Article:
Spiritual Pride in Its Relation to Judging

One who indulges in judging, and in selfish and narrow criticism, is usually actuated by spiritual pride.

By C.W. Irwin

One who indulges in judging, and in selfish and narrow criticism, is usually  actuated by spiritual pride. The Pharisees "came forth filled with spiritual pride, and their theme was, 'Myself, my feelings, my knowledge, my ways.' Their own attainments became the standard by which they judged others."—"Mount of Blessing," p. 178.

A holier-than-thou spirit is charac­teristic of those who judge. A glance backward at our history as a denomi­nation will reveal the fact that all workers who have apostatized from the truth were affected by a superiority complex. In their egotism they could not understand why other people could not see the "new light" as they saw it; and hence they often looked with dis­dain upon their fellow workers. Many brilliant men in our message have lost their hold upon God, and their light has gone out in obscurity, because they made shipwreck on the rock of spir­itual pride. Some of these men were forceful preachers, even orators. Per­haps their talent in this respect stim­ulated their pride, which became the cause of their downfall. This might have been avoided if they had followed the advice given to us in "Mount of Blessing:"

"Do not set yourself up as a stand­ard. Do not make your opinions, your views of duty, your interpretations of Scripture, a criterion for others, and in your heart condemn them if they do not come up to your ideal. Do not criticize others, conjecturing as to their motives, and passing judgment upon them."—Ibid.

There is another group of critics who might be designated as cranks. These fail to see the great outstanding truths of the Bible, and in their meager com­prehension of truth they magnify un­important things. In all this, spiritual pride may be observed.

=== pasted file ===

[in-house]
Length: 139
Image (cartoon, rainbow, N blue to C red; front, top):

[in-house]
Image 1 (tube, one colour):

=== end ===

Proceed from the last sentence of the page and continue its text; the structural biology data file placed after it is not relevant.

Spiritual pride causes a worker to find fault with his brethren, and with the way the work is conducted. Even­tually his criticism becomes centered on the men who occupy the more im­portant positions in our work, often culminating in criticism of the General Conference president.

Then, too, the little inconsistencies, as they think, in the writings of the Spirit of prophecy become the subject of criticism. And the next step is that the servant of God herself is criticized and even maligned.

Look back over the history of those who have departed from this message, and you will usually find in them three outstanding characteristics,--a dispo­sition to magnify unimportant things, criticism of the brethren, and criticism of the writings of the Spirit of proph­ecy. Those who indulge in this spirit feed greedily upon little contradictions, as they interpret them, and endeavor to nullify all the wonderful and helpful teachings of the Spirit of prophecy. They do not understand that there are two great functions of the Spirit of prophecy: one is to teach truth, and thus to illuminate the teachings of the Scripture; the other is to furnish guidance in the conduct of the message as it pertains to institutional work, and to the general principles which should guide in the conduct and maintenance of our work throughout the world.

Our work would have fallen into very great perplexity on many occa­sions if it had not been for this guid­ance in administration. And so these critics say that of course Sister White was a wonderful woman, and she taught advanced spiritual truths; but they fail, by their criticism, to under­stand that her work was equally valu­able in the administrative features of our work.

Those who make the great mistake of narrow criticism of workers and leaders, and of the work of the Spirit of prophecy, are soon shorn of their power as far as the third angel's mes­sage is concerned. Review the lives of the men who have pursued this course, and discover if you can one of them, even one, who has ever found his way back. Ungenerous criticism leads to spiritual atrophy.

Washington, D. C. 

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By C.W. Irwin

January 1932

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